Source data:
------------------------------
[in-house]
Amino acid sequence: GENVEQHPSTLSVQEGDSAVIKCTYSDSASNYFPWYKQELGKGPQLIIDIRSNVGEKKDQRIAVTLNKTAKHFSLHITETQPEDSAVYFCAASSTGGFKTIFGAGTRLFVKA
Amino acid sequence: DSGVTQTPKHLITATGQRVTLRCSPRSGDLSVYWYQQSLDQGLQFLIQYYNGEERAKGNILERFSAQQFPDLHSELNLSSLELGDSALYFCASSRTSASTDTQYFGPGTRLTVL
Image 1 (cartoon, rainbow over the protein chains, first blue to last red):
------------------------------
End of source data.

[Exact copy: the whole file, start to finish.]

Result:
[in-house]
Amino acid sequence: GENVEQHPSTLSVQEGDSAVIKCTYSDSASNYFPWYKQELGKGPQLIIDIRSNVGEKKDQRIAVTLNKTAKHFSLHITETQPEDSAVYFCAASSTGGFKTIFGAGTRLFVKA
Amino acid sequence: DSGVTQTPKHLITATGQRVTLRCSPRSGDLSVYWYQQSLDQGLQFLIQYYNGEERAKGNILERFSAQQFPDLHSELNLSSLELGDSALYFCASSRTSASTDTQYFGPGTRLTVL
Image 1 (cartoon, rainbow over the protein chains, first blue to last red):